- Investing is easier than you think
- But there are a few things you should get in order before diving in
- Here’s a 5 step approach to getting started
For too many of us, investing is on the to-do list for ‘some time in the future’. I get it. It’s boring. And complicated. And boring. Still, it doesn’t have to be. Here’s how to get started.
1. Get a clear view of your personal finances
Before investing, it’s essential to have a handle on your income and expenses so you can get an overview of where your money goes. Follow these steps to create your budget, if you haven’t got one already:
Track your spending
Capture your day-to-day spending habits as well as regular monthly outgoings like bills, rent or mortgage, insurance, groceries and entertainment. There are plenty of tools available to help you (Pocketbook is awesome, for example), and the longer you do so, the better your visibility will be.
Figure out your income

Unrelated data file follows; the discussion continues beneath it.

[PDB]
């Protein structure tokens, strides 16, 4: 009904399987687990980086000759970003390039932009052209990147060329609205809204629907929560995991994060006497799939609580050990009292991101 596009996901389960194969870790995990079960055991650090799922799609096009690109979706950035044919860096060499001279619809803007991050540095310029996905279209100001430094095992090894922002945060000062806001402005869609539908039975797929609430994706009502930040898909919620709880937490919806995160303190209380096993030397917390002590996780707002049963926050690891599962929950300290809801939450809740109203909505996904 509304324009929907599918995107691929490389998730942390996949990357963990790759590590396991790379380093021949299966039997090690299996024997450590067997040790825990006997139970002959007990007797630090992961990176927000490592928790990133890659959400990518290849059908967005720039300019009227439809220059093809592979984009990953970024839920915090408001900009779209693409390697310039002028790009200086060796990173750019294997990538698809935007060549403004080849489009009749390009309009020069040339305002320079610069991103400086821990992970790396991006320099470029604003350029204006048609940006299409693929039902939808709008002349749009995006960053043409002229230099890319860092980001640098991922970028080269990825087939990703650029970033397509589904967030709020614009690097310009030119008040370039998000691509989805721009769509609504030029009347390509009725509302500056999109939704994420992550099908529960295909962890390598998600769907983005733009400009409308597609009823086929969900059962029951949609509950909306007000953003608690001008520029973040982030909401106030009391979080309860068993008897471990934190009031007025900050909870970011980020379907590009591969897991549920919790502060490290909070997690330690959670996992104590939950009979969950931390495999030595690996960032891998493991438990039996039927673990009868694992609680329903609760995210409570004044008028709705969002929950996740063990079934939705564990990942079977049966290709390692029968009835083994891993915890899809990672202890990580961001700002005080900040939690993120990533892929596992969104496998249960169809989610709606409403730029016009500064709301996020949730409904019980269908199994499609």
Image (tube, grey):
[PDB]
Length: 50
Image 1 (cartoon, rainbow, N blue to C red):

What do you make in a week, month, year? Find out how much you earn and, therefore, how much you can put towards achieving your financial goals. If your income fluctuates, or if you’re self-employed, average out your monthly income using your most recent tax return.
Create a budget spreadsheet
It doesn’t have to be fancy – just work out how much you spend and on what and remember to include an entry for money that’s earmarked for savings. Some spending – like groceries or clothes shopping – might be variable, so use your previous spending as a guide.
And that’s it! Having a budget doesn’t mean you have to live frugally, it just means getting a clear view of where your money goes. If you want to achieve your financial goals sooner, you may have to make some adjustments, and that’s where the next step comes in.
2. Follow the 50/20/30 rule
Have you heard of the 50/20/30 rule? It’s super simple and super effective way to check if your budget is on track, and course-correct if needed.
Here’s how it works:
Break down your income into three buckets.
- 50% of your income goes on non-negotiable living expenses: rent or mortgage, insurance, utilities, groceries and transport
- 20% is for achieving your financial goals, whether that’s paying off debt, saving for a house or to put towards retirement.
- 30% is for fun stuff – life would be pretty dull without going to the cinema, eating out, or holidays.
If this sounds like a lot of calculations, you can automate by setting up separate accounts and creating direct debits. That way, as soon as your pay-cheque hits, your fun money goes into a dedicated account with a specific card, and so on.